Prepared by: Aamna Ikram AbbasiUnit: 1.4
A.C 1.1 explain theoretical perspectives on emotional well-being.
Promote children’s emotional well-being
Children’s emotional well-being is highly important. If this is not supported it can cause major problems for them later on in life.
Emotional well-being is very closely linked to children being able to positively communicate and interact with others.
This is quite normal for young children if they don’t know how to deal with their feelings.
A. C 1.2 explain the process of:
Bonding with your child is the intense attachment. From my point of view it is not something which will happen in 5 to 10 minutes. It starts from when a child is born his/her bonding especially with mother starts from there, the time when a mother carries the baby, feeds him/her or looks after them.
A child is automatically attached with the parents if their bonding is strong. We should never ignore a baby crying, they don’t only cry when they are hungry may be that’s the time when they need your attention. Attachment has a strong feeling that when a child can’t a mother can still understand what a child needs. Always make your child feel loved and secured.
Developing secure relationships:
Having a secure relationship with your child is very beneficial for their mental growth and development. This leads them to positivity, makes them feel good and confident about themselves when they start developing a secure bond with you. This makes relationship easier.
C 1.3 evaluate the impact of secure relationships on a child’s emotional well-being.
Impact of secure relationships on a child’s emotional well-being.
Children at least need one firm, caring relationship from an early age, this relationship could be the main caregiver but not always the preferred adult.
If the relationships are not secured it can effect on child’s emotional well-being by making them:
The relationship needs to last through the first years of child’s life. Children always need a secure environment in which they can feel they have an identity and a role to play.
They also need a role model whose behavior they will imitate, need praise, warmth and positive affirmation that they are loved and valued.
Secure relationship becomes the foundation of child’s ability to connect with others in a healthy way.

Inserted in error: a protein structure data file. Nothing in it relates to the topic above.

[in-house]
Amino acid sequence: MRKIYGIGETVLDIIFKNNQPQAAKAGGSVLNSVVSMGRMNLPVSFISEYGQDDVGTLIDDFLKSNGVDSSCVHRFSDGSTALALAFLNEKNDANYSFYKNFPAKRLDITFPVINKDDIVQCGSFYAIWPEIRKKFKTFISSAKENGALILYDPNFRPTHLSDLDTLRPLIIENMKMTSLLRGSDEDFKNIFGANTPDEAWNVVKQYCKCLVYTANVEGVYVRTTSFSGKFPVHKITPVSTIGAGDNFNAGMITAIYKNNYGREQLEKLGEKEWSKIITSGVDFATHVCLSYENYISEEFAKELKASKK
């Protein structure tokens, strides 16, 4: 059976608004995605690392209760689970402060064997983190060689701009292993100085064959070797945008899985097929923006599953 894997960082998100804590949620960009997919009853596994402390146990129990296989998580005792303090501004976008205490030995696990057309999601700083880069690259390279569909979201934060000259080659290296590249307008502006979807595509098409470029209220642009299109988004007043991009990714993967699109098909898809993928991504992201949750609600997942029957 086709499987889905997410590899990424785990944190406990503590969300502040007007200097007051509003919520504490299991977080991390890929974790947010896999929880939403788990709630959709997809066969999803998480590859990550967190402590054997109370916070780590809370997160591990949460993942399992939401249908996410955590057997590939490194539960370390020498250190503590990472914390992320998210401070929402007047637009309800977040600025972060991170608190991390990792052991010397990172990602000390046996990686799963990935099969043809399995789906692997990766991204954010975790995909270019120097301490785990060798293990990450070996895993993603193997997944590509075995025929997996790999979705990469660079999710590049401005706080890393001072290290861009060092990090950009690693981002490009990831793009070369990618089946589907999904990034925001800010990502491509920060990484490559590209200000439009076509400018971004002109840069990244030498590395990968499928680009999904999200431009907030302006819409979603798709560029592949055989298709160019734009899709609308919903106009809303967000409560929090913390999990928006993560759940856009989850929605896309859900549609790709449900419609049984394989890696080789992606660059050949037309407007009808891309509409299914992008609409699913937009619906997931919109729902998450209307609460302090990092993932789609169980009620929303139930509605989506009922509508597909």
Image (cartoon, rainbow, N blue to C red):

A.C 2.1 Analyse the role of the key person in promoting emotional well-being.
A key person is the one who is the main point of contact for parents.
Key person is a practitioner whose responsibility is to look after a small group of children, to help them feel safe and secure always. Key person should be:
Meeting child’s needs:
This includes a child’s emotional, social, personal, academic support which a key person can give.
Engaging with parents/carers:
This can help child to settle at nursery or school, sending feedback to parents, update them about the academic growth of their child, keeping records.
A.C 3.1 Identify transitions and significant events that a child may experience.
Every child and young people do experience some changes in their lives. These changes can be from:
Crawling to walking
Being fed to feeding yourself
Moving from nursery to school
Death in family
Divorce or separation in parents
Change of teacher
Long term illness
Transitions are always physiological, physical, emotional or intellectual.
A.C 3.2 Describe potential effects of transition and significant events on a child’s life.
Changes in our life can be made through change in our own body, places or people. Transition can leave positive as well as negative impact on children’s development.
Birth of a sibling
Moving house or area
Links with unit 3.7
LO 1- A.C 1.2 Factors affecting children’s readiness for school.
Special educational needs
Bad experience from other school
Family structure i.e. single parent
A.C 3.3 Explain the role of practitioner in preparing a child for a planned transition.
It is very important for the practitioner to prepare the child for upcoming transition. A practitioner can prepare the child by:
Using circle time to address concerns and issues.
Try to see things from children’s perspective
Arrange visits to new setting
Make sure to pass all the information to child’s new teacher.
A.C 3.4 Role of practitioner in supporting the needs of children during transition and significant life events.
Children may not always voice their concerns, but their behavior might be a sign that they are anxious. Being aware of child’s concern about transition practitioner should be sensitive to their needs.
Practitioner can always plan something through which children can discuss about their fears.
Links with unit 3.7 AC 2.1- 2.2- 2.3- 1.3
EYFS is divided into 7 areas of learning which is divided by nurseries, pre-school and reception classes, 3 prime areas are those which relate most to school readiness. Therefore, children need to be ready physically and emotionally.
PSED (PERSONAL, SOCIAL AND EMOTIONAL DEVELOPMENT)
PD (PERSONAL DEVELOPMENT)
CL (COMMUNICATION ; LANGUAGE)
MATH UNDERSTANDING THE WORLD
EXPRESSIVE ARTS AND DESIGN
Early years practitioners use different assessment strategies which can be on computer or paper based. It helps the practitioner to understand children’s achievement according to the 7 areas of learning.
The current framework’s assessment process in supporting children’s preparation for school has 2 points:
Progress check at age two:
Here practitioner needs to report parents about their child’s progress and development in prime areas.
Assessment at the end of EYFS:
This report is made and shown to the parents at the end of the term, which shows that in all 7 areas, where the performance of the child is expected, emerging or exceeding.
Aamna Ikram Abbasi